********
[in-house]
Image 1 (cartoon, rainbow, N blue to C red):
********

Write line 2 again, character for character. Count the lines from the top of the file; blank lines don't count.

Image 1 (cartoon, rainbow, N blue to C red):